Factors influencing rotator cuff tendon healing after arthroscopic repair

Authors: N. Brassart, C. Trojani, M. Carles, P. Boileau

References: SECEC 2005

AIMS: The purpose of this study is to identify the clinical and anatomic criteria influencing rotator cuff tendon healing after arthroscopic cuff repair.

MATERIALS: Follow-up study of a cohort of 122 patients arthroscopically repaired using tension band technique between May 1999 and September 2002. We were able to review 112 patients (114 shoulders, 93%). The average age at surgery was 61 years. Healing was systematically evaluated at 6 months post-operatively by CT arthrography (78%) or MRI. Average follow-up was 24 months (13-46 months).

RESULTS: The rotator cuff was healed in 64% of cases (n=73) and partially healed in 7% (n=8). An absence of healing was observed in 29% of cases (n=33). Constant score improved from 49.8 points preop to 82.4 at last review (p<0.00001). A healed tendon improved clinical results Constant score of 85 points versus 77 points in the absence of healing with strength achieved 14.5 points versus 10 points. Four predictive factors statistically influenced tendon healing:

  • Time interval between symptom onset and surgery (24 months for healed cuffs versus 37 months; p<0.05)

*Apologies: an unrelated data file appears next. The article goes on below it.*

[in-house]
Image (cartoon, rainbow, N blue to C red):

• patient’s age at cuff repair (81% of cuffs healed in patients under the age of 50, opposed to 50% in those over 65 years; p<0.0002))
  • sagittal extension of the cuff tear to the rotator interval or superior 1/3 of the Subscapularis (only 45% of cuffs healed versus 79% in the absence of anterior tear extension; p<0.00001))
  • extent of fatty infiltration of the rotator cuff muscles (69% of cuffs healed with Goutallier stage 0 and 38% with stages 1 and 2; p<0.01).

    CONCLUSION: This study reveals 4 predictive factors that influence cuff healing: the interval between symptom onset and surgery, age at surgery, the anterior extension of the lesion, and fatty infiltration of the musculature.

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